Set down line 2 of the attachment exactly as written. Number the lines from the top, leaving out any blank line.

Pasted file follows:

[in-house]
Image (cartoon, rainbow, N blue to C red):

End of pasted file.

Image (cartoon, rainbow, N blue to C red):